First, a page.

Tangled Threads - (Elemental Assassin, #4) Page 0,1
before they even dredge his body out of the river.”
“Hey, you were the one who decided to declare war on Mab Monroe,” Finn pointed out. “Correct me if I’m wrong, but I believe that you were rather eager to kill your way up to the top of the food chain until you got to her. You said it would be fun.”
“That was six hits ago. Now I’d just like to kill Mab and give everyone in Ashland an early Christmas present, myself included.” My turn to grouse.
But Finn was right. A few weeks ago, a series of events had led me to officially declare war on Mab, and now I was dealing with the fallout—and the tedious boredom of it all.
Mab Monroe was the Fire elemental who ran the southern metropolis of Ashland like it was her own personal kingdom. To most folks, Mab was a paragon of virtue who used her magic, business connections, and money to fund worthwhile charity projects throughout the city. But those of us who strolled through the shady side of life knew Mab for what she really was—the head of a moblike empire that included everything from gambling and drugs to prostitution and kidnappings. Murder, extortion, torture, blackmail, beatings. Mab ordered all that and more, practically on a daily basis. But the Fire elemental was so wealthy, so powerful, so strong in her magic that no one dared to stand up to her.
I had a special reason to hate Mab—she’d murdered my mother and older sister when I was thirteen. And she’d been planning on doing the same thing to me and my baby sister, Bria. But first, Mab had captured and tortured me that fateful night so long ago. Which is how I’d ended up with a pair of matching scars on my hands.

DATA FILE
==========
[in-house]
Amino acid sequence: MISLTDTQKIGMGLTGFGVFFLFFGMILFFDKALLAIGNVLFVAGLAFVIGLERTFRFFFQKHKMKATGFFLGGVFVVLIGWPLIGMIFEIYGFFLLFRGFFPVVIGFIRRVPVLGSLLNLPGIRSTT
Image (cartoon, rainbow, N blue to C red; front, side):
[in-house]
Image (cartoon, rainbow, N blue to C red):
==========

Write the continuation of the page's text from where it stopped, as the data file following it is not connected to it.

I put my knife down long enough to rub first one scar, then the other with my fingers. A small circle surrounded by eight thin rays was branded into each of my palms. A spider rune. The symbol for patience. My assassin name.
And one that Mab Monroe was now seeing everywhere she went.
For the past two weeks, I’d been stalking Mab’s men, getting a feel for her operation, seeing exactly what kinds of illegal pies she had her sticky fingers in. And along the way, I’d picked off some of her minions when I caught them doing things that they shouldn’t, hurting people that they shouldn’t. A twist of my knife, a slash of my blade, and Mab had one less soldier in her little army of terror.
Killing her men hadn’t been hard, not for me. I’d spent the last seventeen years of my life being an assassin, being the Spider, until I’d retired a few months ago. Certain skills you just never forgot.
Normally, though, when I killed someone I left nothing behind. No fingerprints, no weapon, no DNA. But with Mab’s men, I’d purposefully drawn the image of my spider rune at every scene, close to every body I left behind. Taunting her. Letting Mab know exactly who was responsible for messing up her plans and that I was determined to pick her empire apart one body at a time, if I had to.
Which is why Finn and I were now sitting in the dark down by the docks in this dangerous Southtown neighborhood. Finn had gotten a tip from one of his sources that Mab had a shipment of drugs or some other illegal paraphernalia coming into Ashland tonight. As the Spider, I’d decided to come down here and see what I could do to foul up Mab’s plans once more, thumb my nose at her, and generally piss her off.
“Come on, Gin,” Finn cut into my musings. “Make a move already. The guy’s alone. We would have seen his partner by now, if he’d had one.”
I looked at the dwarf. He’d finished unloading the boxes from the tugboat and was now busy hauling them over to a van parked at the end of the dock.
“I know,” I said. “But something about this just doesn’t seem right.”
“Yeah,” Finn muttered. “The fact that I can’t feel my feet anymore and you won’t let me turn on the heater.”
“Drink your coffee, then. It’ll make you feel better. It always does.”
For the first time tonight, a grin spread across Finn’s face. “Why, I think that’s an excellent idea.”
Finn reached down and grabbed a large metal thermos from the floorboard in the backseat. He cracked open the top, and the caffeine